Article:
We were supposed to have a lovely dinner in New York on Wednesday, prior to Thanksgiving with the family, and then catch the play “Freud.” Instead, I wound up at St. Luke’s Roosevelt Hospital.
We left The Palace Hotel by limo and arrived for pre-theater dinner at Marea, one of our favorites. I was happily engaged with my fusilli and octopus when I felt a flash of heat. I have been battling a cold, and have been through five time changes from Bora Bora and a 40 degree temperature decrease.
I told Maria I had better head for the rest room and she offered to walk with me. I told her I was okay, rose, walked two steps, and the next thing I knew two other dinner patrons were working over me, taking my pulse and asking if I knew where I was and when I was born.
The good thing about a great restaurant is that there will always be doctors at dinner, and Mike, the EMT, told me later, “Do you know that one guy was a cardio-thoracic surgeon? You couldn’t do much better than that if you had to pass out somewhere!” (Mike couldn’t figure out though, why the doctor was considering CPR when I was clearly breathing, and I didn’t like him telling me not to move because, “You may have broken your neck and if you get up you could be paralyzed.” He then began to ask the other doctor where he practiced and went to school. I was staring up at the fraternal conversation, wondering if this shouldn’t be more about me.)
Anyway, Mike arrived with a buddy, they checked vital signs and off we went. There was a lot of blood all over the floor, since I went down like a building being demolished. ONLY IN NEW YORK: As we get outside, Maria yells to our limo driver, “Follow that ambulance!” She came with me, lights flashing, limo pursuing.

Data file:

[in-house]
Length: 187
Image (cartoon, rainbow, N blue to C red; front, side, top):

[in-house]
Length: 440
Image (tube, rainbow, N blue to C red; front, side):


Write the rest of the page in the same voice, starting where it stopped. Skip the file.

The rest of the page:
Unlike any medical television show you care to name, Roosevelt’s ER was calm and completely in control. Dr. Kim took my case, Ellen was my nurse, and a great guy whose name I can’t recall was my “transporter,” taking me for my CAT scan and back. Approximately 85 people asked if I knew were I was and my date of birth, and apparently I aced the tests. The CAT scan was negative and the diagnosis was plummeting blood pressure (something like 77 over 47 whereas I’m always at 120 over 80) due to medicine and alcohol.
The Roosevelt ER is not only well run, it’s courteous, professional, and reassuring. It is typical New York: Asian, Hispanic, Black, White and combinations thereof in every position. And it’s a funny place.
Transporter: The CAT scan folks will get to you in just a few minutes.
ME: You tell that to everyone and it’s going to be a long wait.
Transporter: That’s true, but what I’m telling you is far more politically correct.
These were terrific professionals, with great attitudes. I don’t care what they’re paid, they’re not paid enough. And contrary to stereotypical stories, no one asked me about how I was going to pay or for my insurance until after I had been initially treated.
After three hours I was stitched up (three in my eyebrow, three in my lip, and super glue to close a gash on my nose), was told how l lucky I was, and was sent to discharge. A great guy there, with huge blonde dreadlocks, said, “Let’s get you out of here as quickly as possible,” and calculated swiftly, took my Blue Cross Coast-to-Coast coverage, and charged us a grand total of $100.
On our way out, we saw Mike with another patient coming in. “Hey, Mr. Weiss,” he yelled, “you look much better!”
“New York and March 3,” I said.
Now Mike was concerned. “No, I didn’t ask you where you are….”
“Oh, good one! Enjoy your holidays!”
And we stepped out into the night and our waiting limo.
(Postscript: The family had Thanksgiving dinner as arranged in the private dining room of Marea last night. I asked the manager to add the prior night’s meal to the bill, since we had sort of rushed out. “No,” he said, “it’s on us. You’ve paid enough!”)
© Alan Weiss 2010. All rights reserved.